The Unitary Patent Package - 1 year on...
The 19th February 2014 saw the first anniversary of 25 EU Member States signing the Agreement on the creation of a Unified Patent Court. The setting up of a specialised Unified Patent Court is the lynch pin in a package which will create the first patents with unitary effect in Europe. The unitary patent package consists of three elements: the unitary patent, a language regime, and the specialised Unified Patent Court.
What has happened since then, and are we any closer to a unitary patent for Europe?
Unified Patent Court (UPC) – the setting up of the UPC is essential for the unitary patent to come into effect. Since the Agreement on the UPC was signed, one country (Austria) has ratified, Malta has allegedly ratified, and France’s (one of the countries whose ratification is essential for the Agreement to come into effect) Assemblée Nationale has adopted a Bill which authorises ratification, which has also been promulgated by the French President. Deposit of the “Instrument of Ratification” at Brussels is the final step for ratification by France. Denmark has announced a referendum on the UPC for May 2014. Things have been quieter from the other 2 countries, UK and Germany, where ratification is essential for the UPC to come into effect. Although national ratification time tables have been speculated on to varying degrees, there is nothing concrete.
In January 2014, the Preparatory Committee issued an interpretive note on the interaction between national patent law and the operation of the UPC. They confirmed that for European patents or applications for a European patents that have been opted out of the UPC system, the UPC Agreement no longer applies. So, the competent national court would have to apply the applicable national law. This is likely to come as welcome news for patentees and applicants who want to avoid the untested new Court.
The Rules of Procedure of the UPC – these have under gone a detailed consultation process, and the 16th draft was published in March 2014 taking account of the consultation responses; this 16th draft is not intended to result in a further round of written comments, but is likely to spark debate.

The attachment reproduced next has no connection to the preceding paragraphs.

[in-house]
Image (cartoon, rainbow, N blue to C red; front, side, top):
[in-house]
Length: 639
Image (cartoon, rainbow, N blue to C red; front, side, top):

Fees – Select Committee of Representatives of the 25 Member States participating in the unitary patent have been meeting to discuss fees. The Select Committee had met on 6 occasions by the end of 2013, however, there is no further news on the level of renewal fee for the unitary patent. The mechanism for how each national patent office participating in the unitary patent will received their share of fees, and what this is expected to be, is likely to cause further deliberation.
Brussels I Regulation – July 2013 saw the European Commission propose changes to the “Brussels I Regulation” to prepare the way for the UPC. The amendment to the Brussels I Regulation clarifies how jurisdictional rules will work in the context of the UPC. The proposal will need to be agreed by Member States and by the European Parliament before becoming law.
Challenges – In March 2013, after a previously failed attempt, Spain continued to challenge the Regulations underpinning the unitary patent system. In June 2013, the 2 cases Spain filed at the CJEU against the European Parliament and European Council were published but little has happened since then. Although this cast some uncertainty on UP at the time, developments and progress in other areas, such as the Rules of Procedure of the UPC, have continued undeterred.
So do we expect unitary patents before the end of 2014? In short; no. But we do expect to see continued progress and clarity on issues such as fees. Unitary patents in 2015 are probably unlikely, but 2016 might be a different story…
For more background on the unitary patent package, see here.
If you would like further advice on this or any other patent matter, please contact Martyn Fish at email@example.com or your usual HGF representative or visit our Contact Page to get in touch with your nearest HGF office.